As part of Work Package 1 (Host-parasite Interactions), the Hungarian Academy of Sciences (MTA) and the Biology Centre of the Academy of Sciences of the Czech Republic (BCAS) together with Chinese researchers, studied the life cycle of Thelohanellus spp. parasitising common carp.
Thelohanellus nikolskii plasmodia containing
myxospores on the scales of a three-year-old common carp
Two species of Thelohanellus, T. nikolskii and T. hovorkai, were introduced into Central Europe in the 1970s from the Far East where they originally infected the eastern sub-species of common carp (Cyprinus carpio haematopterus). Until now T. nikolskii, a species destroying the fins of carp, has been regarded by fish farmers as the most pathogenic species.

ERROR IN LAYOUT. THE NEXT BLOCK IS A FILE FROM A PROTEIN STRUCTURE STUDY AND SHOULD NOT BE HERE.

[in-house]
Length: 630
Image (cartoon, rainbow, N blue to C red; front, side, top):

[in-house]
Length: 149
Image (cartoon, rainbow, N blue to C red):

Recently, a new species of Thelohanellus, T. kitauei, has emerged in Asia, causing severe symptoms of intestinal giant-cystic disease in the gut of infected carp.
MTA and BCAS studies of the T. kitauei presence in central Europe from pond water and from alternate oligochaete hosts (see picture on the left) and from the fish host, common carp, has revealed that the Hungarian T. kitauei samples are closely related to the Asian samples, but there is a difference in their pathogenicity; the myxozoan stage and the giant cyst symptoms have not been detected to date in the Hungarian samples. This is good news for Central European common carp fish farmers, as myxosporean-associated parasitosis is responsible for severe pathological changes and economic losses in cultured common carp.
Floating aurantiactinomyxon spore stages of T. kitauei in
water released by the invertebrate alternate host,
Branchiura sowerbyi. T. kitauei myxospores are the
causative agent of the giant cystic disease of common carp in Asia